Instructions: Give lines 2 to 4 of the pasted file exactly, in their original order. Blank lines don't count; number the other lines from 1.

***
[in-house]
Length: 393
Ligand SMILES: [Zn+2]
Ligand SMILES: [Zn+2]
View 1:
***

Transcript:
Length: 393
Ligand SMILES: [Zn+2]
Ligand SMILES: [Zn+2]